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JUPITER (a play about power) is presented by La MaMa, created by Superhero Clubhouse and Kaimera Productions. It runs February 11-28, Thursdays-Saturdays at 7:30pm, Sundays at 2:00pm, at La MaMa’s First Floor Theatre | 74a East 4th Street, Manhattan. Adults $18; Students/Seniors $13. Runtime: 70 min.

Written by Lani Fu

[1] Wood, Gillen D'Arcy. Tambora: The Eruption That Changed the World. Princeton: Princeton UP, 2014. Print.

[2] Brooks, Peter. "Godlike Science/Unhallowed Arts: Language and Monstrosity in Frankenstein." New Literary History. 9.3 (1978): 591. Web.

Between a Riot and a Rhyme: Positioning Theatre in Climate Conversations

Superhero Clubhouse's First Mate, Lani Fu, discusses how theatre might be uniquely positioned to spark action and expand conversations around climate change issues.

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In November, I attended the Climate Change Theater Action kickoff event, an initiative that enlisted playwrights from the world over to explore the phenomenon of climate change—an unprecedented, global challenge that demands a collective shift in practice, in culture, in consciousness. I entered the evening anticipating a plethora of sweet and surprising fruits from the labor of these artists. What I found was writing that spoke with humor and with horror of the events unfolding in our world, lyrical, evocative imagery illustrating our relationship to the natural world around us, and attempts to personify the looming feelings of fear, doubt, and gratitude in the face of radical change. I felt buoyed by the gathering of many ages and backgrounds; honored to be a part of the swell of minds and voices that diving head first into these essential questions, to explore, and create space for answers and for beauty. Yet, I was left wanting more. 

The answer to what I wanted more of lies in the question—why is theater an effective tool in confronting climate change? 

We can only build what we can imagine—a stroke of common sense that carries strong implications for our role as artists. In the course of human history, we are among the earliest pioneers in the world of manifest thoughts, or rather, a mostly man-made environment. Jerry Mander wrote that we live primarily inside projections of our own minds. Our environment is the actualization of our own and other humans’ thought processes. The room I am writing from now sits about 20 feet above the ground, resting on beams of wood and walls of plaster. Beneath the ground, there are methodical whorling tunnels carrying water, thick cords of electricity, waste, steam, and people. When I leave these walls, there are rules outside for where I walk, when I am still, whom I speak to, and what I see.  We move in interlocking patterns of our own design, churning out ideas as objects, making the world as we move. In our own vernacular, we are ecosystem engineers. Even beyond the physical world; we are builders of systems of thought and patterns of behavior. This gives me great hope.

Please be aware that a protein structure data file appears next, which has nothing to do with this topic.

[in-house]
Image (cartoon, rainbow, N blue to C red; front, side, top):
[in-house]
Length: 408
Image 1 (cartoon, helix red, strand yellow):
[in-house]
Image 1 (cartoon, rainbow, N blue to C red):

We wield such power. We realize abstract thoughts and values as concrete systems. We create worlds by telling stories.  To me, the act of making theater is the act of inventing the future. That is why we need it to confront climate change. That is why I want more. Without knowing the answer, I wonder if there is a way we can make theater on climate change that does not reduce it to a political issue to take a stance on; that does not rail about the plight of this or that megafauna that will go extinct; or trumpet a fiery call to arms, covering everyone alive with sin and shame. 

Climate change is an absolutely universal phenomenon. Because of this, the crisis bores deep into our established modes being, and the map of how our world is affected is richly complex.  It is the first time that collectively, as a unified planet, we must attend to what we are doing and how we are living. The enormity of the ecological change we are experiencing demands an inquisition of what we have engineered—our politics, our grounding philosophies, our homes, our social networks, our economic structures, and most importantly the relationship between those and all things. I want plays that embody those questions; that manifest the sensation of asking. I want plays with characters that do not exist as a function of a topic, but as people recognizable to us who are working though those challenges. I want stories that do not state, or teach, or distract—but ones that investigate and propose and dream. 

Stories have always been the way that humans make meaning of the world, and the form they take should serve current needs. What we need now is something of a cross between myth and mystery novel, somewhere on the scale between a riot and a rhyme. This calls for us as artists to be expansive. We must learn more, to know more, to tease out all the complexities of the climate crisis. We need to be the translators, the space-makers, the story spinners furiously sketching out maps as we hurtle forward in time. We must engage communities as diverse as the world is in our art and our art making. We must hold space for interactions that unlock the potential of all brilliant minds, building together a future out of the degradation and slow steady violence of this global crisis. We need to construct visions that transcend current possibility.